PROteolysis Targeting Chimeras (PROTACs) regulate protein function by degrading target proteins instead of inhibiting them, providing more sensitivity to drug-resistant targets. PROTACs show better selectivity compared to classic inhibitors. PRTOACs have outperformed not only in cancer diseases but also in immune disorders, viral infections, and neurodegenerative diseases. PROTACs present a very promising and powerful approach for crossing the hurdles of present drug discovery and tool development in biology.
Cyclin-dependent kinase 8 (CDK8) is a member of the cyclin-dependent kinase family that plays an important role in promoting cell cycle phase transition, initiating DNA synthesis, and regulating cell transcription during cell proliferation and differentiation. These pathways include the TGF-β signaling pathway, the Wnt-β-catenin pathway, the p53 pathway, and the serum and hypoxia response network. Overexpression of the CDK8 gene disrupts cell proliferation, differentiation, and apoptosis. Therefore, the development of PROTACs for degrading the protein CDK8 has become a new strategy.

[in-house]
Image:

CDK8 is a colorectal cancer oncogene that regulates beta-catenin activity. JH-XI-10-02 is a bivalent PROTAC CDK8 degrader with an IC50 of 159 nM. Moreover, JH-XI-10-02 can recruit the E3 ligase CRL4Cereblon to promote the ubiquitination and proteasomal degradation of CDK8. JH-XI-10-02 converts JH-VIII-49 into degrader molecules that simultaneously bind to CDK8 and recruit CRBN to induce degradation of CDK8. JH-VIII-49 is a much-simplified analog of Cortistatin A that exhibits only slightly reduced potency against CDK8 in biochemical and cellular assays.
All in all, JH-XI-10-02 induces partial degradation of CDK8 in Jurkat cells upon treatment for 6 h at a concentration of 1 μM. The inhibition of CDK8 by small molecules may be a promising approach for cancer therapy.